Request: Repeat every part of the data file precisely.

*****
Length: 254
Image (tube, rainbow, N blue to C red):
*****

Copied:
Length: 254
Image (tube, rainbow, N blue to C red):